Supporting the work of the Royal Academy of Arts
24 September—1 December 2010
Exhibitions - In the Sir Hugh Casson Room for Friends of the Royal Academy
Open to the public daily 4–6pm, Fridays until 10pm. Admission free
Mali Morris, 'Escape', 2009. Acrylic on canvas. Photo: David Webb. Courtesy of the Artist.
This exhibition is an opportunity to see a collection of paintings by the recently elected Royal Academician, Mali Morris. The works illustrate the development of her practice applied to small-scale paintings on both canvas and paper and offer a wonderful insight into how her work has developed over the last ten years.
Morris sees these works as being very distinct from her large-scale canvases:
“I started working on smaller canvases 15 years ago, moving towards a different way of making paintings. Colour relationships, more compressed and sparse than in the larger works, seemed to construct a new kind of light, and I liked the intimacy of scale.
In all these paintings colour was deliberately buried, so that it could be re-discovered through a kind of improvised choreography. In the final stages of this excavation I have to work fast to find the painting. I often have to start over, putting them aside for another day, or month, or year...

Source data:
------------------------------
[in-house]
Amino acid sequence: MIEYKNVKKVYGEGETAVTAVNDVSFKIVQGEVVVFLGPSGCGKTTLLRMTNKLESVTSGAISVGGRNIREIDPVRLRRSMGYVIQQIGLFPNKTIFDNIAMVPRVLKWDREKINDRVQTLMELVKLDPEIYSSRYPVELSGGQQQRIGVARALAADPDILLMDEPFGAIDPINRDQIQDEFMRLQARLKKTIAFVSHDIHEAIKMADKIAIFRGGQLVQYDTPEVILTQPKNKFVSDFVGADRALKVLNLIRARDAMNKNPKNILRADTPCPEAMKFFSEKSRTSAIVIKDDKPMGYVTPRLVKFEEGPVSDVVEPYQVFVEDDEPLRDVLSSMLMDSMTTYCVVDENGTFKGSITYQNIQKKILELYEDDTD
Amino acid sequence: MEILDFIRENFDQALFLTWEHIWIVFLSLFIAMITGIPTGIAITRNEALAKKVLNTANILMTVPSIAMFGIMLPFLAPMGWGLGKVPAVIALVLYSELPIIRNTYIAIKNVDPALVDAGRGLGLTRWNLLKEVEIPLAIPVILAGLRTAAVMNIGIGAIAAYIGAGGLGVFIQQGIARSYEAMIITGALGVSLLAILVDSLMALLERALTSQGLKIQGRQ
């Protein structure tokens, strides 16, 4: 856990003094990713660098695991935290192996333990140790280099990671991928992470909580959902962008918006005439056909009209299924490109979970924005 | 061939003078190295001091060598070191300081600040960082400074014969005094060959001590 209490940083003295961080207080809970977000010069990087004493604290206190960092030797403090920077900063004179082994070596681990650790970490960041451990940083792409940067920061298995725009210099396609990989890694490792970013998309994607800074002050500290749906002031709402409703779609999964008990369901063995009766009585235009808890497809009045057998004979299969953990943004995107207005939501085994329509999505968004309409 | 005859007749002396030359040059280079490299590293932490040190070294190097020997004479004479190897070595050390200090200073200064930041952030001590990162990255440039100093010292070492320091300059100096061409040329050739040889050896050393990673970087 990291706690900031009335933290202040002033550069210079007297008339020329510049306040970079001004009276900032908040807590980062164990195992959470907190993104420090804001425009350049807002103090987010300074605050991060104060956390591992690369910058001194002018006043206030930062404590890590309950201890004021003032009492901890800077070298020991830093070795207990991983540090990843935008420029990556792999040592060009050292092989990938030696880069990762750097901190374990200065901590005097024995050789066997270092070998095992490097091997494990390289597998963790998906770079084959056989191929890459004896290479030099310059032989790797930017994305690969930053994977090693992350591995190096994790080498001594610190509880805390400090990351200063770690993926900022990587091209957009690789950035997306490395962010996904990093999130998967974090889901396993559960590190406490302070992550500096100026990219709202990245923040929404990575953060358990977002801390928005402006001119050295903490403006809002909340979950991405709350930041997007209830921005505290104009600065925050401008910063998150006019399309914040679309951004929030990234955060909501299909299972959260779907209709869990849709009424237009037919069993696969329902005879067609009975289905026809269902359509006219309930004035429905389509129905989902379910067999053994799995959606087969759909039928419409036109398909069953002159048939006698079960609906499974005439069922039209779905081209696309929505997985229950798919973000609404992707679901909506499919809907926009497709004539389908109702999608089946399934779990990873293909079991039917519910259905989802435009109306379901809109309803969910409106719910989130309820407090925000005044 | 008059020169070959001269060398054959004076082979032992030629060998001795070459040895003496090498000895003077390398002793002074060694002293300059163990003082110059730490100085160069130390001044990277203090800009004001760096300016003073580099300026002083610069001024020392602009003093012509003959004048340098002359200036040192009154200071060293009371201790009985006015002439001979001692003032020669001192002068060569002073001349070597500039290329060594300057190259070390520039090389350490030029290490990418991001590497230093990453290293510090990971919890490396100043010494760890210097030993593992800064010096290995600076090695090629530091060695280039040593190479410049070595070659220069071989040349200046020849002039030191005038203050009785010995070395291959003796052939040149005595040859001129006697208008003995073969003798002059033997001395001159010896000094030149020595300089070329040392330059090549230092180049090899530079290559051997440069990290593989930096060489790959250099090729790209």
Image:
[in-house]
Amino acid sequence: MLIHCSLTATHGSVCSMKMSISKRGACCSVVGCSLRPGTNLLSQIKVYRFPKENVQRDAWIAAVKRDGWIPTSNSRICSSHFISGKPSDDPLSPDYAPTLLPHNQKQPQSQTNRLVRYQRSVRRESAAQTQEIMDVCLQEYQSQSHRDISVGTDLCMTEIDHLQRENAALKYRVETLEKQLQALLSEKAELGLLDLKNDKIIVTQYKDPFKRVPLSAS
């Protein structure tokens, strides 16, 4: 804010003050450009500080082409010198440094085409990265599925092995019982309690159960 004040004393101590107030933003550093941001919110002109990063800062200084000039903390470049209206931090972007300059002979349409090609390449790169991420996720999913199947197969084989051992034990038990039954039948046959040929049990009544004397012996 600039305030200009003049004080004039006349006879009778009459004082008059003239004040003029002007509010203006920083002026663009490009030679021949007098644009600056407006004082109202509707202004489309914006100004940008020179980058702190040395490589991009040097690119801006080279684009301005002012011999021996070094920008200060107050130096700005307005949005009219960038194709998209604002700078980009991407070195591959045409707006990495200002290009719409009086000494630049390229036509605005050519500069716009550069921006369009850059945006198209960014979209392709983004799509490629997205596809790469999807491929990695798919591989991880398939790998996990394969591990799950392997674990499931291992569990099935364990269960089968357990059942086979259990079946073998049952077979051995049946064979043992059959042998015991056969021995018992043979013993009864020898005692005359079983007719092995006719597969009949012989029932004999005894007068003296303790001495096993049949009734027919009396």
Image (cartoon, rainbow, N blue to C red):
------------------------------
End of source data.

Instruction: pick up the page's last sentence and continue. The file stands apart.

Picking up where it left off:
The works on paper are more immediate, and allow for the luminosity of the ground to show through - I don’t think of them as studies but as small paintings in their own right, on a different surface, part of an on-going working process, another form of exploration.”
Mali Morris was born in North Wales, and studied Fine Art at the University of Newcastle upon Tyne, and the University of Reading. She has exhibited nationally and internationally since the late 1970s, and is represented in the collections of the Arts Council, British Council, Contemporary Art Society, Government Art Collection, National Museum Cardiff, and the Whitworth Art Gallery, Manchester.
Mali Morris was elected as a Royal Academician in March 2010.
Every purchase supports the Royal Academy, an independent institution which receives no public funding, whose purpose is to promote the visual arts through education, exhibitions and debate.